US banking giant Goldman Sachs will pay a $5.06 billion settlement over its role in the financial crisis in 2008, the US Department of Justice (DoJ) has said.
The payment settles a case of 'serious misconduct' relating to the sale of mortgage-backed securities between 2005 and 2007. The DoJ said Goldman Sachs mis-sold securities to investors by assuring them that the mortgages were solid, when they in fact knew many were likely to fail.
In a statement, acting associate attorney general, Stuart Delery, said: “This resolution holds Goldman Sachs accountable for its serious misconduct in falsely assuring investors that securities it sold were backed by sound mortgages, when it knew that they were full of mortgages that were likely to fail."
Goldman Sachs will pay $2.385bn in fines, $1.8bn in 'consumer relief', and a further $875 million in cash payments. Alongside Morgan Stanley, which earlier this year agreed a $3.2bn settlement, Goldman Sachs is the latest bank to settle a case of wrongdoing relating to the global financial crisis. Compared to others, however, Goldman Sachs and Morgan Stanley have got off lightly - in 2014, Bank of America agreed a $16bn settlement and JP Morgan Chase last year agreed a $13bn settlement.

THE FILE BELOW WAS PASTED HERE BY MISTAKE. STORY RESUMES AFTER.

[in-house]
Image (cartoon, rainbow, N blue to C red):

Eric Schneiderman, New York attorney general and co-chair of the Residential Mortgage-Backed Securities Working Group, said: “Since 2012, my No1 priority has been getting New Yorkers the resources they need to rebuild.
“This settlement, like those before it, ensures that these critical programs … will continue to get funded well into the future, and will be paid for by the institutions responsible for the financial crisis.”